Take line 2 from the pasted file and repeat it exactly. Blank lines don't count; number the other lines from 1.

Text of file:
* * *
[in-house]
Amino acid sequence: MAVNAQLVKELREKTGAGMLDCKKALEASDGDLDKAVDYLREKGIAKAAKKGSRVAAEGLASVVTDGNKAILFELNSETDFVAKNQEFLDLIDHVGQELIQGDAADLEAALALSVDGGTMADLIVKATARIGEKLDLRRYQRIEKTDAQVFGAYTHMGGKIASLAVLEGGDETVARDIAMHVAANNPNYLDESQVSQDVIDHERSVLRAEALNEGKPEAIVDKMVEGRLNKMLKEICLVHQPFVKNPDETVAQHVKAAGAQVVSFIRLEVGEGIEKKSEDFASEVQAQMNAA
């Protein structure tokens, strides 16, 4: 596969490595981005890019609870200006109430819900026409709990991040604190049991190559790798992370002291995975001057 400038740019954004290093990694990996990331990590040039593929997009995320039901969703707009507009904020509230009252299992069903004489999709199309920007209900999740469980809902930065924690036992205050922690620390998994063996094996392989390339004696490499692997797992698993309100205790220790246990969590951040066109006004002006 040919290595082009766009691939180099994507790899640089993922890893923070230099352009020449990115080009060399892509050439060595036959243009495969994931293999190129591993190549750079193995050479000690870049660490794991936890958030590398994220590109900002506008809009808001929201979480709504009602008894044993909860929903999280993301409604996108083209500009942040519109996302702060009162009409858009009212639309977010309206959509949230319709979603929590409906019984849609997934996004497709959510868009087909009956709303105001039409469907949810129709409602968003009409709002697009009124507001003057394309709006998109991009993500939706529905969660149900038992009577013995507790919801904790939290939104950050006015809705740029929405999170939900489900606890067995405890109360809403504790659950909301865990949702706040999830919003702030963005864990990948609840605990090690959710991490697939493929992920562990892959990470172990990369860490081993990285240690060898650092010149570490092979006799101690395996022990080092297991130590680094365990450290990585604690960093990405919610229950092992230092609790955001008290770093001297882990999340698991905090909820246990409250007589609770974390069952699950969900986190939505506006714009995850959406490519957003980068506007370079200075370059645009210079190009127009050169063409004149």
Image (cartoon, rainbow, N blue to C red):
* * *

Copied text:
Amino acid sequence: MAVNAQLVKELREKTGAGMLDCKKALEASDGDLDKAVDYLREKGIAKAAKKGSRVAAEGLASVVTDGNKAILFELNSETDFVAKNQEFLDLIDHVGQELIQGDAADLEAALALSVDGGTMADLIVKATARIGEKLDLRRYQRIEKTDAQVFGAYTHMGGKIASLAVLEGGDETVARDIAMHVAANNPNYLDESQVSQDVIDHERSVLRAEALNEGKPEAIVDKMVEGRLNKMLKEICLVHQPFVKNPDETVAQHVKAAGAQVVSFIRLEVGEGIEKKSEDFASEVQAQMNAA